Stifled is based on our award-winning student game, Lurking. Lurking was originally sparked by this video, and the team found the idea of a sound based game interesting and started prototyping a bunch of mechanics around sound.
It was only when we came up with the black and white art style that horror fell into place. The risk and reward between sight and being detected by the enemy created a natural and powerful tension. The microphone input pushes that concept even further by allowing the enemies to hear the player’s real world screams.
What kind of horror films/games did the team draw inspiration from?
Every member had their own picks. I think the big ones for me were the film, The Conjuring, and the video game, Amnesia: Dark Descent.
Speaking of horror, what were the craziest challenges you had to face during the process of designing the game
We went into the development of Lurking and Stifled blind as none of the team members were horror enthusiasts nor had experience in making horror games. We are pretty numb to horror at this point after watching hours of horror films and gameplay videos.
Describe to me what led to the design of using AR/VR and the challenges you faced in adopting this new technology.
Lurking’s production begun during the early days of the VR resurgence, and the microphone input was our jab at creating an immersive experience with a cheap and widely available peripheral. Couple that with our unique art style, we felt we could truly transport players into another world, which led to us to supporting Head Mounted Displays.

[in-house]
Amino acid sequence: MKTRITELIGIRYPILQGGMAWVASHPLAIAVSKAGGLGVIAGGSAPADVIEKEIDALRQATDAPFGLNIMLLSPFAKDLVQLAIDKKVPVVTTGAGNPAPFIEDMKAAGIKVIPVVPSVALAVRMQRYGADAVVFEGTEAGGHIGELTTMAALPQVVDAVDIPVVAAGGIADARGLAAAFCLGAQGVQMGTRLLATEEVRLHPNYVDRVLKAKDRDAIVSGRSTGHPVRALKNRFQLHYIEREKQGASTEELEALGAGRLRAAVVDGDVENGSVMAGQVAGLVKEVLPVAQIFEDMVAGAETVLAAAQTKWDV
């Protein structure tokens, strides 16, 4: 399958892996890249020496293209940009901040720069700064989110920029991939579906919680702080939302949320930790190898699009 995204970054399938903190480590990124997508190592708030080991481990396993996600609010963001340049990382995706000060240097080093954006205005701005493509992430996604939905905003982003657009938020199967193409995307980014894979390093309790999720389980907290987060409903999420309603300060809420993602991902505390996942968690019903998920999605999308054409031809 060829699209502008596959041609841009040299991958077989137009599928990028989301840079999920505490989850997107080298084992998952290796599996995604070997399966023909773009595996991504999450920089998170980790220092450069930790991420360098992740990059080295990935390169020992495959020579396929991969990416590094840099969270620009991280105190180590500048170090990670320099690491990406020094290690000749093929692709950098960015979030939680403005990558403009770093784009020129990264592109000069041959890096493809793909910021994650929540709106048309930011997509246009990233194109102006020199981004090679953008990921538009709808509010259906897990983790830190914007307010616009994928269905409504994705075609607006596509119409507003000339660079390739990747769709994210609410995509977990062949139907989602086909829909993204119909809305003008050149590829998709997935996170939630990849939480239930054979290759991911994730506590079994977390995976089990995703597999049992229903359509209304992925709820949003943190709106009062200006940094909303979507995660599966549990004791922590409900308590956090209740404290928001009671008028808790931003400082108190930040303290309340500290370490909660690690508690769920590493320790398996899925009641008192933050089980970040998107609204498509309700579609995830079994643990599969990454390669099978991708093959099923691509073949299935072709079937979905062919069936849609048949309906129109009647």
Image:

Mobile gaming is one of the fastest growing gaming verticals, and even major video game developer Konami is shifting focus to it. Do you plan to develop games for the mobile, and why did you choose to focus on desktop?
The mobile game market is predominantly freemium, where games are given away for free and monetised with micro-transactions. The only way to make money in such a model is to build skinner boxes that keep players hooked, coming back and eventually spending money.
This model changes the core value proposition, players no longer ‘pay’ us for a product and an experience. They, in the words of a good friend of mine, Gerald, become the product.
This is why we decided on a blue ocean strategy and targeted the PC and Console market. [We are] focusing on making a quality game for an audience that is more likely to understand, appreciate and be willing to invest in a worthwhile experience.